#1. My brain was feeling ignored. I took a promotion to Program Chair of General Education back in October at the college where I've taught full-time for two years. When I was considering throwing my hat into the ring for this position, I specifically asked my then-boss, now-fellow-PC what percentage of the job is stressful and what percentage is just annoying. As it turns out, this job is 10% stressful and 90% annoying. I supervise anywhere from 14-30 adjunct faculty and a team of three full-time faculty in any given term. In short, I teach, I do A LOT of paperwork, create a schedule for the classes, faculty observations and coaching, faculty development, etc. There's a lot to it, I wear a lot of hats, I'm very involved on campus, but it's not that hard. What's hard is juggling the oddball schedule, long hours, and pure exhaustion with home and family time. What I found is that my reading quality was going down, down, down. Two years ago I only read ONE novel all year. And that's just madness.
In part, my decision to focus on literary fiction is a calculated move to challenge myself a little more. I often found myself veering toward books I only felt so-so about because I was too tired or stressed to read some
Do I still read other stuff because it makes me happy? Hell yeah. Literary fiction just so happens to be making me happier than most other reading material right now. We'll see how long this phase lasts.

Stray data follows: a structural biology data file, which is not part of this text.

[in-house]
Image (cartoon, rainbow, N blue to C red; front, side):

#2. I'm lazy. I said it. Reading my way through my favorite blogs, I always saw books that looked super-tasty, but I wouldn't pick them up because that would require effort -- asking for them on NetGalley, requesting them via e-mail from a publicist, actually buying a book. I still don't buy many books, but I am far more apt to add myself to a library holds list and actually finish the book before it has to go back to the library.
#3. I'm still trying to figure out what constitutes literary fiction. It's an ongoing debate and it ruffles feathers sometimes, and right now, my definition is pretty simple. Novels that have some lofty goal, theme, or artfulness involved in their creation. In short, I think authors who write literary fiction might have more of an agenda than the average bear. That's not positive, it's not negative, it just is what it is. I can't name one novel I've read in the "clearly marked and marketed as literary fiction" category that didn't have some purpose: to wow me with form, wow me with character development, to wow me with its deeply thematic nature, etc.
Obviously, this definition and my previous statement beg the question, "If a 'literary fiction' book doesn't wow you, is it then not literary fiction?" And my response would be, "Shuddup! That's silly." Case in point: I hated Freedom by Jonathan Franzen to the depths of my soul, but I can still point at it and declare with confidence, "That's literary fiction." And I didn't even appreciate that one. Just hated it. Franzen was trying to make a point, he just made me want to die before I could get all the way to it.
So far this year I've read 10 books that I would consider literary fiction (one DNF, Franzen!), and it's been a rewarding time. I feel a little "fuller" than I have in the last couple of years, which makes me a very happy reader and a happy blogger.
I really would like to know how y'all feel about literary fiction in general. Do you have a definition for literary fiction? Do you crave it? Avoid it? Feel like it's unnecessarily elevated? Underappreciated? What say you?
I'm sure I'll have more to say as the year rolls on and I amass reviews under my belt, but that's how I'm feeling so far. More to be announced!